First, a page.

Justice: On the Suicide of Jeffrey Epstein

Fiction by Carmen Maria Machado

From the headline

“Jeffrey Epstein Found Dead in Jail Awaiting Sex-Crimes Trial”

Read the original story

This is the first thing you must understand: There is no heaven, nor is there a hell. There is, as most of us privately understand, a kind of stepping-off; and, afterwards, the faintest crackle as the neurons that made us so distinct—so wonderful, so terrible—go out. This does not make death good or bad; I am simply describing what happens. And yet, when he, the man, hanged himself—and I believe that he did, just as I believe that I am my father’s child; a practical certainty—something else happened. Or so I must believe.

As I have said, there is no heaven nor hell, nor any other type of theological afterparty. He will not be mounted upon a wheel and flayed for the length of an age. He will not be made to swallow the Devil’s daughter’s pearl necklace, and have it retrieved from his throat inch by gagging inch for the lifetime of ten thousand suns. He will not be forced to attend one of his own parties; never made to watch out of a helicopter window as the ocean puckers into a tiny nub of land. He is, unbearably, free of any nightmare we can imagine.

What do we make of people who die before justice can be retrieved from them? I do not know. When realizing that he will face no consequences, the hanged man seems like the worst man, but he is not. He is not the worst man to have ever lived; others have done more terrible things to more people. That is not a judgment; it is a statement of fact. It is of little comfort to those women and the girls they used to be, but it is a fact nonetheless.

But that’s not what I’m trying to tell you. It’s not what I’m trying to say.

Here is what I must believe to be true, on the occasion of the hanged man’s death: On the opposite side of the world, a boy discovered justice in its smallest measure. He had recently taken it upon himself to reach out and snap a classmate’s bra when the teacher stepped out of the room. He did it for no reason other than he wanted to, and he could. (He did not have much power, but he took the little he had.) After school, a group of girls from the neighborhood surrounded him and kicked the living shit out of him. They did not say anything the whole while, but grimly worked the job until it was finished. I do not know if the classmate watched. Maybe. I can imagine it, and I’m sure you can, too.

It feels good that the bill was paid, no matter who paid it, no matter how demented the arithmetic.”

Is that justice? It’s hard to say. Probably not. But it was startlingly beautiful; he remained silent the whole time, and the sound of their feet connecting with his torso was, if you closed your eyes, like standing on the sidelines at a middle-school soccer practice. A series of syncopated whomps on a still summer afternoon. Don’t think there’s some sort of cosmic logic behind these events. This isn’t that kind of story. He learned no lesson, except: Don’t get caught.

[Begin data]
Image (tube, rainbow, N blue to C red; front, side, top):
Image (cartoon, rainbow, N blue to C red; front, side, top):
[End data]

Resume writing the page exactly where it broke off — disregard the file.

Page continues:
But I am telling you this story for a reason. Because in that moment, a very small violence received punishment for a much larger violence. A monstrous violence. The crimes could not be more different, except they also could not be more the same. Is that just? Maybe. It feels just. Just a little. If a man swats you with his left hand, is it not acceptable to strike the right side of his face? What about the face of his brother? What about the face of a man he’s never met? I don’t know. I don’t know and sometimes I lie awake in my bed thinking about the man who hanged himself and the boy who was beaten and then I think about the things that have been lost to them and their kind. The infinite immeasurability of it. And it feels good that the bill was paid, no matter who paid it, no matter how demented the arithmetic.

I am not telling you this story because I am vindictive or a bitch, though I am certainly both. I am not telling you this because I have been raped and abused, though I have been. I am not telling you this because I believe that I have an answer to the calculation of human suffering. I do not; I never will. I am telling you this because I must believe it to be so. To survive, to live, I cannot imagine anything else.

Further Reading

  • “Perversion of Justice”

    Julie K. Brown • the Miami Herald • November 28, 2018

    This award-winning act of reporting, in which Brown interviewed detectives involved with Epstein’s case, questioned why the prosecutor didn’t go to trial, and got victims to speak on the record for the first time, was the beginning of the end for Jeffrey Epstein. Every other act in his unraveling followed.

  • The Talented Mr. Epstein

    Vicki Ward • Vanity Fair • March 2003

    So how did Epsetin get away with it for so long? Example 1: This investigative piece into his finances got closer than most stories of the time in noting that something about Epstein’s career didn’t smell quite right. But then there was the section Vanity Fair killed for highly debated reasons on two sisters who told VF that Epstein had abused them. The New York Times finally told their story in fall 2019, more than 15 years later.

  • She Said

    Jodi Kantor and Meghan Twohey • Penguin Press

    So how did he get away with it for so long? Example 2: Another larger-than-life figure—Harvey Weinstein, in this case—who used his influence, money, power, and perch to abuse and intimidate those around him with impunity. Different men and different crimes but similar uses of power to silence. And another example of a herculean act of journalism that finally brought a sexual predator to heel.